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Agriculture: Dairy Farms

Volume 711: debated on Thursday 25 June 2009


Asked By

To ask Her Majesty’s Government what action they are taking to ensure that United Kingdom farmers whose daily milk collection is about to end can continue to produce and sell milk.

My Lords, following the collapse of Dairy Farmers of Britain, the Government’s prime objective, shared with the industry and the receiver, is to find buyers for milk produced by farmer members. As a result, 96 per cent of the milk has been taken up by other buyers. The Government are optimistic that more of the remaining farmers will find buyers, but we must recognise that some might not be able to find a commercially viable outlet for their milk.

My Lords, the Minister will know that dairy farming is in crisis and that 46 per cent of UK dairy farmers have ceased production since 1997. The Milk Marketing Board, shut down by the Official Opposition when they were in government in the 1990s, had a contract obligation to every dairy farmer to collect all their milk however remote their location. The collapse of Dairy Farmers of Britain, referred to by the Minister, leaves 200 dairy farmers without guaranteed milk collection from their farms. Will the Government step in and ensure collection of this milk, underwrite these producers’ May milk cheques and bring forward a new milk marketing Act, as in the 1930s, to ensure that these dairy farmers get a fair price for their milk which is above their production costs? The 10p per litre currently being given to these 200 dairy farmers is a disgrace.

My Lords, we do not intend to interfere with the milk market to the extent that the noble Lord suggests. The milk market is a commercial operation and reflects the fact that the milk production industry in the United Kingdom and in Europe is suffering from the recession because demand has dropped. However, the Government are optimistic about the future of the British industry. If the noble Lord is using the recent collapse of Dairy Farmers of Britain as an instance of crisis, he may be exaggerating the point because, as I indicated in my Answer, 96 per cent of the milk being produced has found another buyer.

My Lords, do the Government have any idea of the implications of what has happened? It is all very well for the Minister to say that 96 per cent of the milk will be collected, but that does not necessarily mean that 96 per cent of dairy farmers are protected, because the milk that other buyers do not want very often comes from small, family farms. Will the Minister also comment on how much of the agricultural industry as a whole will be affected? We are talking not just about dairy farmers but about feed merchants, the transport business and the production—or at least the processing—areas. As for the Minister’s latest comment about the industry being in good heart, can he explain why it seems necessary to reopen intervention for butter and skimmed milk powder?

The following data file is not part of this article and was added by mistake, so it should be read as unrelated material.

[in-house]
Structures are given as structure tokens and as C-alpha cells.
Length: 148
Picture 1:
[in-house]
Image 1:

My Lords, certain areas of discrete intervention are always open and are necessary. I am saying that milk production in this country cannot be identified as being in crisis. It is no more in crisis than is the whole of the British economy in relation to the slump in world demand arising from the present recession. I marvel at the fact that, although noble Lords opposite continually advocate the free market, the moment they identify a stick with which to beat the Government they demand government subsidy and intervention.

My Lords, does the Minister appreciate that milk is a staple part of our diet in this country and that we should be very sure that we are self-sufficient in it? We were at one time self-sufficient, and we were exporting milk. We are now importing milk in the thousands of gallons from France. Is he satisfied that our milk industry is in good heart while we are importing from another country?

But, my Lords, we are also exporting milk as well. Therefore, I do not think that it will stand up to suggest that the milk industry is in crisis in those terms. There are certainly pressures on some small producers—we recognise that and we have sympathy for them. We are concerned. We called a meeting to analyse this problem and to give a reassurance that every mechanism would be employed to sustain as many of the small farmers concerned as possible. I am pleased to report that it was quite clear from that meeting that constructive action was being taken by all those concerned. However, we cannot extrapolate from that that the British milk industry is facing a bleak future, because it is not. What it is suffering from, in certain very exposed areas, such as the very small producers, is reduced demand, but we all recognise the reasons for that.

My Lords, it is proper that the Minister is made aware of the seriousness of the situation, but I am not sure that he has totally taken it on board. Is he satisfied that the Government can do no more as dairies close and jobs are lost? Has he considered the impact of government weakness and indecision on issues such as bovine TB and the huge cost to dairy farmers of NVZ regulations?

My Lords, both those last two factors are very important considerations that we need to address, and we are addressing them as very important problems indeed. I maintain, however, that the long-run future of the dairy industry and the milk-producing industry looks good. There are problems in the interim, but, as I indicated, milk production in this country will be reduced by a fraction of 1 per cent by the loss of these farms. The loss of production on these farms is a personal tragedy for each of the farmers concerned and their families—I am not underestimating that at all—but when considering the industry, which is what the noble Lord addressed his Question to, I do not accept that the industry is going through anything other than short-term difficulties with a long-run prosperity beckoning it.